So, how can you tell? Let me share some anecdotal evidence. If you are working in the ER and take a call that goes something like this, you can be pretty sure the pt is faking it.

EMS: We have a XX year old female whose having seizures. We've given her 6mg of IV ativan and need orders for more for a pt in status epilepticus.

ER: Are you sure she is still seizing or had a seizure?

EMS: Yes, she is still shaking and she is telling us she needs more ativan because she is still seizing.

ER: Uh, OK. Hold off on the ativan and we will assess when she gets here.

EMS gets to the ER, stops in the hall, pt gets up off the stretcher and walks out.

Edited by ERDoc
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Doc, thank you breaking my balls and moving me beyond my comfy been-there response to problematic seizures. While PNES is a disagnosis beyond my pay grade as a lowly Basic in a bupkus volly service in Wisconsin, it's a very real diff diagnosis thing.

Thank you.

Edited by A Pox On This Place
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EMS: We have a XX year old female whose having seizures. We've given her 6mg of IV ativan and need orders for more for a pt in status epilepticus.

ER: Are you sure she is still seizing or had a seizure?

EMS: Yes, she is still shaking and she is telling us she needs more ativan because she is still seizing.

ER: Uh, OK. Hold off on the ativan and we will assess when she gets here.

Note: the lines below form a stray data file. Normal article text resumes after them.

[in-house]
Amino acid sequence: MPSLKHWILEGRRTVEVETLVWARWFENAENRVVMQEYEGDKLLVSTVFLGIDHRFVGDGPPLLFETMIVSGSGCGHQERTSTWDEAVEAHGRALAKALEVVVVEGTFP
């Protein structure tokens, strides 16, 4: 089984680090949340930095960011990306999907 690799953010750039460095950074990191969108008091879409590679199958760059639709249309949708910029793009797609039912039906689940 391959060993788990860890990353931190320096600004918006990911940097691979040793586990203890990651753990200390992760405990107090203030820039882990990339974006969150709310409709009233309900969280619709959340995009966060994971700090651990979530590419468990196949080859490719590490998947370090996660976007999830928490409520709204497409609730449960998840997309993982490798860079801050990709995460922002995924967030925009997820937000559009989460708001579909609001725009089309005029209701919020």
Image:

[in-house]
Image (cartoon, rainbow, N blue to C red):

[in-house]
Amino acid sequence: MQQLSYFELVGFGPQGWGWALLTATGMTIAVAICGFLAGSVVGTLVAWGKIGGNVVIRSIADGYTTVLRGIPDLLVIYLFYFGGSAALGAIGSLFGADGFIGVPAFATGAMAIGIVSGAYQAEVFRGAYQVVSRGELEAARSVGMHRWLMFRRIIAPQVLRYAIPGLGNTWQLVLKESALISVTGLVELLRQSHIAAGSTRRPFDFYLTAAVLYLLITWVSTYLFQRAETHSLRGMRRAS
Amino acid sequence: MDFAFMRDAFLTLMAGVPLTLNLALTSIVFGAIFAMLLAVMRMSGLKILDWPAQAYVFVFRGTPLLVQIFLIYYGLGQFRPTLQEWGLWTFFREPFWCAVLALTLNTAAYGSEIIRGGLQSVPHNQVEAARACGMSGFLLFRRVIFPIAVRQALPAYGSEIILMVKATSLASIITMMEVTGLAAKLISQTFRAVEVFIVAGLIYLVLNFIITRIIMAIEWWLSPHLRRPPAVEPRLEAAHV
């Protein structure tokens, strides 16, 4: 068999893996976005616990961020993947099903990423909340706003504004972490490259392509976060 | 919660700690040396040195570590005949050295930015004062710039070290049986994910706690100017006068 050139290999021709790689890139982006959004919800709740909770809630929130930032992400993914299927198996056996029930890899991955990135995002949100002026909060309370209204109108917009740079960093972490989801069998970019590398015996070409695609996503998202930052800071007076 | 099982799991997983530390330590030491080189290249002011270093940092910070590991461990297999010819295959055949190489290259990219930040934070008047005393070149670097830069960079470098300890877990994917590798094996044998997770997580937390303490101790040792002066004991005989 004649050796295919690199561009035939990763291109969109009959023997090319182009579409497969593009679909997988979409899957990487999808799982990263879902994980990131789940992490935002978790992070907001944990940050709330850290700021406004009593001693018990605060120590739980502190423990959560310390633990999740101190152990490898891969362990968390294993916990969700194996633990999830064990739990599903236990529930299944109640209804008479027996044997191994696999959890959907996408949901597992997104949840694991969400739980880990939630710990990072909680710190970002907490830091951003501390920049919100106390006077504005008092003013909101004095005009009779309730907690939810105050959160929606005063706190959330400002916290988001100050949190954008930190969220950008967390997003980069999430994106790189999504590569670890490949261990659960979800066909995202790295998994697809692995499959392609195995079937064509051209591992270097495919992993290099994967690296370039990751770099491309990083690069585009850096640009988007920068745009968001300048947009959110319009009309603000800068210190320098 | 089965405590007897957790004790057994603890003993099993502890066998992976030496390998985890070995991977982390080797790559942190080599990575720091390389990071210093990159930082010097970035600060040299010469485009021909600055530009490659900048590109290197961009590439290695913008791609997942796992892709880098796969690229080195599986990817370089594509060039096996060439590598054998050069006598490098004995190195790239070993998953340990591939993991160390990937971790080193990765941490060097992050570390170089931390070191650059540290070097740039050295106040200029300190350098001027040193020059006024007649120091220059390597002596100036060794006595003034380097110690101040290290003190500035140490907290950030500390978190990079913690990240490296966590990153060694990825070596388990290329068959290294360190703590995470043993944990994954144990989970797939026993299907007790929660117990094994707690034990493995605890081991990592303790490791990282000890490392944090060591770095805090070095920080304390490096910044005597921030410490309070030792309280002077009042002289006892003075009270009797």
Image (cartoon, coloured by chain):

EMS gets to the ER, stops in the hall, pt gets up off the stretcher and walks out.

Awesome, and a little frightening.

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I gave you a negative for that. Why would you take the albeit slight risk of injecting a substance into a patient with no therapeutic benefit for the patient?

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I imagine that would also involve lying to a patient by way of telling them you're giving them pain medication.

Poor form.

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ever tried normasaline for pain control.... works wonders :)

I have never heard of Normasaline.

If you mean Normal Saline, I can direct you to literature that disproves your analgesic claim.

Back to the thread.....

I have dealt with a few pseudoseizure patients multiple times. This was complicated by the fact that hey also had epileptic seizures as well.

I am with Doc on this one, in that, if you think pseudoseizure means "faking", you need to do some research to start providing better care for your patients. That said, I am not real quick to give benzo's to pseudoseizures, as I am so charming - I can usually stop them with some coaching.

I do not however, say an absolute "no" to treating them with drugs. It just goes from treating a siezure, to treating a psyc event (Which uses the same drug).

These are my anecdotal tips.

Pseudo:

Typical patient - Female, teen to early 20's. Hx of depression. Perhaps drug us history, current or recovering

Eyes cannot be pryed open

Eyes making purposful movements (Looking at you)

No tongue biting, peeing, (as was said by Dwayne)

Will be in a safe place (Bed, couch, floor away from furniture)

Will be ventilating adequatly (As detected by EtC02 and Sp02)

Cannot tolerate NPA

Rythmic up and down movement of head, but not hitting head on the floor when it comes down

Withdraws from pain at toes

Withdraws from pen scratch on foot (as if testing for Babinski)

Cooperates with I.V. start

I dunno.... that's what I look for.

Bottom line for me is, wheather it is psycogenic,or neurologic, it needs treatment.

A all out faker is prety easy to disern by taking a proper history IMO